By COLLIN GALLANT on June 2, 2020.
The designer of an experimental wind turbine located near Medicine Hat College says an operational decision to lock them from spinning led to one shearing off in high wind on Sunday night.
As well, the working relationship between the college and company appears to have ended.
One of the distinctive blue, helical turbines laid on its side on Monday morning, separated from its base, while another was being girded by a forklift.
Joel Goldblatt, head of Bluenergy SolarWind, told the News on Monday morning that the prototype vertical turbine is meant to be free spinning, and is designed to handle “hurricane strength” winds.
However, aside from “limited testing” over the course of the last year, the college has ordered them to be stationary, said Goldblatt, and gusts of up to 90 kilometres per hour in a wind storm on Sunday caused the damage.
“It’s not a judgment on the turbine – they are designed to be free-spinning,” said Goldblatt. “They need to be in a facility where they can spin 24 hours a day.”
He said the next step is to have local contractors clean up the damage and begin moving the equipment to a separate facility.
That location is not being released, but it spells an official end to the relationship between Bluenergy and the College, which did not provide a comment to the News for this report.
The highly visible turbines are built on college property as part of a “renewable energy micro-grid” project that was launched in 2017.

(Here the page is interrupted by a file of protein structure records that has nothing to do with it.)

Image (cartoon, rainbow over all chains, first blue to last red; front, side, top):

They can be seen from the Trans-Canada Highway, and have been the subject of speculation and some skepticism since they were installed early last year.
The upright, corkscrew-style turbine is covered with photovoltaic cells and is billed to provide a more constant power supply for commercial, institutional and larger residential facilities.
While they have been mostly stationary, there has been limited testing, which Goldblatt described as “encouraging.” He said that since grant funding ended for the project, officials with the college required the turbines to be locked in place.
The company is now working to remove the panels and with another, unnamed funding partner will relocate them.
That will be likely out of the city and essentially end a working partnership between the firm and college which was announced in 2017.
The turbine section, estimated to weigh 800 pounds, fell from the base to the ground (about six feet) and stayed within a cordoned off fenced area around the bases – a state of affairs that Goldblatt said proves its engineered safety plan.
“It basically dropped,” said Goldblatt.
The company came to the city and college via talks with former company consultant Robert Nicolay and joined in a three-way working relationship wherein the city offered its utility administrators to independently audit the results of the testing, and the college offered the land.
In late 2018 that effort was folded into a college initiative to create a micro-grid facility where other companies could test equipment and students studying construction, energy and data analysis could have a working lab.
The project, which also includes a solar canopy array and fast charging, was partially funded initially by a $526,000 grant from the federal ministry of Western Diversification and a $256,000 grant from Alberta Labour.
City officials say there is no financial stake in the company. Nicolay resigned from the company when he was hired by city council to become city hall’s chief administrator.